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Poster communications

Using Structural Connectivity to Reconstruct Brain Activation and Effective Connectivity

Abstract : Introduction: Understanding how brain regions interact to perform a specific task is very challenging. EEG and MEG are two noninvasive imaging modalities that allow the measurement of brain activation with high temporal resolution. Several works in EEG/MEG source reconstruction show that estimating brain activation can be improved by considering spatio-temporal constraints but only few of them use structural informa on to do so. We present a source estimation algorithm that uses brain structural connectivity, obtained from diffusion MRI (dMRI), to constrain the EEG/MEG source reconstruction. Contrarily to most source reconstruction methods which reconstruct activation for each time instant, the proposed method estimates an initial reconstruction for the first time instants and a multivariate auto-regressive model that explains the data in further time instants. This auto-regressive model can be thought as an estimation of the effective connectivity between brain regions. Methods: We use diffusion MRI (dMRI) in conjunction with EEG/MEG measurements to reconstruct brain activity. dMRI is processed using probabilistic fiber tracking from FSL. These fiber tracks are used in two ways: 1) to parcellate the cortex into functional regions (defined as having an homogeneous connectivity profile) and 2) to create a network of connexions between these regions. The parameters were tuned to obtain cortical regions of around 100 mm2, which is about the minimum size of detectable activations with M/EEG. We further assume a constant activation (a scalar value) per cortical region at a given time instant. This allows to greatly reduce the dimension of the source space from the ~10k nodes of the cortical mesh to ~600 extracted cortical regions. This spatial source model is completed by a temporal multivariate auto-regressive (MAR) model where a region activation at time t is obtained as linear combination of the activations at the p previous time instants t=1, ..., t-p of brain regions to which it is connected. The unknowns in this model are the region activations J(t) for the first t=1..p time instants and the coefficients A of the linear combination. Given some M/EEG measurements for a time window of size T, the goal is to estimate these unknowns to fit these data. To do so, we introduce a slightly modified MxNE criterion U(J) (Gramfort etal, 2012) that promotes spatial sparsity along with temporal continuity of the activations. A second criterion V(A) measures how well the estimated activations J(t), t=1..T are obeying the MAR model. The optimisa on procedure iterates between two steps, which alternatively improve the estimates of J(t), t=1..T to decrease U(J) and the linear coefficients A, given J(t), t=1..T. The process stops when a maximum number of iterations is reached or when there is no significant changes between two iterations. Results: The method was evaluated using the real dataset described in Wakeman et al (2015). MEG/EEG data were simultaneously recorded during a face recogni on task where a subject is shown famous, unknown or scrambled faces. The dataset also contains dMRI andT1 images. Four MAR models were tested:p∈ {1,2,3,4}. We show that the acquired data can be explained by our model with few regions as soon as p>1 (Fig. 1). Reconstructions using EEG and MEG show a clear negative peak at the FG around 200ms for p>1 which matches what can be found in the literature (Fig. 2). The non-null coefficient in the final A can be considered as the effective connectivity used during the task. Conclusions: We have presented a way of reconstructing brain activation and effective connectivity between the brain regions using an extension of the MxNE solver. Sources are constrained to follow a MAR model of order p. We have shown that such a model can fit real M/EEG measurements with relatively few activated regions as soon as p>1 and that the recovered activated regions are coherent with the task used to acquire the dataset.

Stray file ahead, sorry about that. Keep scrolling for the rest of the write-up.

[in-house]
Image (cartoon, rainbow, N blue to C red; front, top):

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Contributor : Théodore Papadopoulo <>
Submitted on : Tuesday, September 22, 2020 - 2:58:44 PM
Last modification on : Wednesday, October 14, 2020 - 4:01:03 AM


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  • HAL Id : hal-02945690, version 1



Brahim Belaoucha, Théodore Papadopoulo. Using Structural Connectivity to Reconstruct Brain Activation and Effective Connectivity. Organization for Human Brain Mapping annual Meeting, Jun 2020, Montreal, Canada. 2020. ⟨hal-02945690⟩



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